John begins with a deep thought.

1.  Believe in the Son, verses 1, 2

Everyone who believes that Jesus is the Christ is born of God, and everyone who loves the father loves his child as well. This is how we know that we love the children of God: by loving God and carrying out his commands.

The first three words are important to understand.  The subject of the verb is a small Greek word pas, translated as “everyone” in the NIV.  It is a stronger word than if John had said, as is common in Biblical writing, “he.”  But that word does cause problems for anybody can say they believe that Jesus is the Christ, born of God.  If we take out all the extra words, the meaning becomes clear—

Everyone who believes that Jesus is the Christ is born of God…loves his child.

The word “child” refers to those born of God, that is, His children, Christians.  So love for God must be followed by love for His children; faith in Jesus Christ cannot be separated from love for God’s children.  There are three main points in these two verses:

Faith.  I use the word “faith,” but John used the word “believes.”  The verb of the sentence is pisteuon, “believe.”  Previously, John wrote things like this—

    This is how you can recognize the Spirit of God: Every spirit that acknowledges that Jesus Christ has come in the flesh is from God.  (1 John 4:2)

    If anyone acknowledges that Jesus is the Son of God, God lives in him and he in God.  (1 John 4:15)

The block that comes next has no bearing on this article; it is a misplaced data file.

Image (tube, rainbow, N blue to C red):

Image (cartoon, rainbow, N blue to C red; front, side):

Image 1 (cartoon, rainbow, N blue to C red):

It sounds like John is saying the same thing in these two verses as he is now saying in 5:1, but it’s completely different word with a completely different meaning.  The verb used previously was homologei, and that word is used as a verbal expression of faith; it is confessing with your mouth that Jesus is the Son of God.  In chapter 5, however, John is not referring to a mere understanding and verbal statement of belief; he is referring to an inner witness or a spiritual conviction that Jesus is Christ, the Son of God.  Simply signing on to a creedal statement is not what John is writing about here.  If that were the case, anybody could be considered a Christian.

    This kind of “belief” or “faith” is linked to the main verb of the first sentence, which is the word “born.”  This means that the believer is a child of God—he is born of God—because God causes a spiritual birth to occur inside the person’s heart and soul.  The believer’s “belief” or “faith” in the Divine Sonship of Christ is undeniable proof that he is born again, and that faith causes him to love other members of the Church.

    Love.  The second part of verse one binds faith and love together.  “Believing” in Jesus (which is in the present tense in the Greek) is a direct consequence of being “born of God” (also in the present Greek tense) and becomes another test or proof of that rebirth.  From this spiritual reality, John writes love will be manifested to other believers.   John Calvin writes about love for the brethren like this:

      Since God regenerates us by faith, he must necessarily be loved by us as a Father; and this love embraces all his children.

      Obedience.  John states a truism showing that faith and love are linked; whoever loves the father will love those born as he has been born.  The words used of “father” is ton gennesanta, which means “progenitor,” meaning Christians “came out of” God; we proceeded from God.  In obedience, we love others who proceeded from the same Source.  A lot of people stumble over verse two because it is unexpected.   After what John as written, we expect John to say this:  “This is how we know that we love God:  by loving his children and obeying his commands” (Barker).  Instead, this is what we read this—